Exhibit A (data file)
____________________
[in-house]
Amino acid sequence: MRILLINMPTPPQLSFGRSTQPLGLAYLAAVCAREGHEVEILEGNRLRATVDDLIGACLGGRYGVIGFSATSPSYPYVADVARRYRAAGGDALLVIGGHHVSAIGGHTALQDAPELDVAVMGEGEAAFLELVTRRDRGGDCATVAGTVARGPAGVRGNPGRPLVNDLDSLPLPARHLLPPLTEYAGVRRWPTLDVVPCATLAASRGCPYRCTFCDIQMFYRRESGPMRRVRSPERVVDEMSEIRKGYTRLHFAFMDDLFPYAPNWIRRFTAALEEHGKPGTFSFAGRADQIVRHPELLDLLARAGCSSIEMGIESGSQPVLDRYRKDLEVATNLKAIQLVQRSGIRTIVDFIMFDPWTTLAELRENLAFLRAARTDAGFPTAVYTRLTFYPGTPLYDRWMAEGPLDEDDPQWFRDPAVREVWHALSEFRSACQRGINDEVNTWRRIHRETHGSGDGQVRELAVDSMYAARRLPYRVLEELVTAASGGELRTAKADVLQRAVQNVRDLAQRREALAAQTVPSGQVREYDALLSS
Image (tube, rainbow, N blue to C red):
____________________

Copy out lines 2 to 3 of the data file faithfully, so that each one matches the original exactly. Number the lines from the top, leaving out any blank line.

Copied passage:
Amino acid sequence: MRILLINMPTPPQLSFGRSTQPLGLAYLAAVCAREGHEVEILEGNRLRATVDDLIGACLGGRYGVIGFSATSPSYPYVADVARRYRAAGGDALLVIGGHHVSAIGGHTALQDAPELDVAVMGEGEAAFLELVTRRDRGGDCATVAGTVARGPAGVRGNPGRPLVNDLDSLPLPARHLLPPLTEYAGVRRWPTLDVVPCATLAASRGCPYRCTFCDIQMFYRRESGPMRRVRSPERVVDEMSEIRKGYTRLHFAFMDDLFPYAPNWIRRFTAALEEHGKPGTFSFAGRADQIVRHPELLDLLARAGCSSIEMGIESGSQPVLDRYRKDLEVATNLKAIQLVQRSGIRTIVDFIMFDPWTTLAELRENLAFLRAARTDAGFPTAVYTRLTFYPGTPLYDRWMAEGPLDEDDPQWFRDPAVREVWHALSEFRSACQRGINDEVNTWRRIHRETHGSGDGQVRELAVDSMYAARRLPYRVLEELVTAASGGELRTAKADVLQRAVQNVRDLAQRREALAAQTVPSGQVREYDALLSS
Image (tube, rainbow, N blue to C red):